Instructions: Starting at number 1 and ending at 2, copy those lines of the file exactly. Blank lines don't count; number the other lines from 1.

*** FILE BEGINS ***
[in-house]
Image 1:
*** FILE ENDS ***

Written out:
[in-house]
Image 1: